Thursday, February 28, 2008

Artist Alex Toth & Walter Brennan

Today we have comic book versions of Battlestar Galactica, Buffy and even CSI, but this is not a new development. Back in the 50's and 60's, a comic company called Dell (most remembered for doing Walt Disney's line of books) released a dizzying array of titles based on then popular TV series. But these books weren't limited to genre, so there were comic book versions of everything from The Untouchables to Lawman to Tales of Wells Fargo to I Love Lucy to Sea Hunt to...

The Real McCoys. It's a show that seems to have totally fallen off the pop culture radar, and in fact I barely remember it, and then only from the few reruns I must have caught as a kid. Walter Brennan played Grandpa McCoy, Richard Crenna played Luke, Brennan said "Luke! Luke!!" a lot, and it was one of the many rural comedies popular in the 60's. Oh, and I suspect it cemented the "cranky but funny shuffling old man" image for Brennan, who was actually a much better actor than these comedy relief roles implied.

Anyhow, these old Dell books aren't particularly memorable. The cover of one Real McCoys issue features a full color shot of a smiling, bucolic Walter Brennan and this blurb: "The crowd goes wild when Grandpa McCoy enters his horse in the big race at the county fair!" But there were two things that made them cool. One, many of the tie-in books feature striking photo covers, in vivid color, that made picking up a Dell TV/Movie title akin to buying a swank studio still for ten or fifteen cents. More important, a number of these books featured artwork by Alex Toth.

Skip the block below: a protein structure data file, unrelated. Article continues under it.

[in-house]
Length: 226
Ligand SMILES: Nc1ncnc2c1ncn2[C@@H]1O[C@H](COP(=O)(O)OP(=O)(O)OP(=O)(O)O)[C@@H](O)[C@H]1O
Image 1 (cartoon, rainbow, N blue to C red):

Toth, who died just last year, was one of the best comic-book artists ever, with a spare but strikingly vivid and visual style that was all his own. I think it says something about his abilities that he could take on vapid licensed projects like The Lennon Sisters (think Partridge Family circa 1957), Lawman and the Real McCoys, actually do the actor likenesses AND still imbue the stories with that incredible Toth flair. His McCoys books are especially fun, since the inanities of television's view of farm livin' allowed him to draw chugging jalopies, pretty girls and horses on the run. Toth went on to design animated series like Space Ghost and Jonny Quest, but his comic book work is proof that you could be idiosyncratic and still work within the system... as long as you were really good.

Anyway, I know I'm dreaming, but in a world where it feels like every old comic ever produced is being reprinted in some glorious hardcover edition, a collection of Toth's work from this era would make my proverbial day...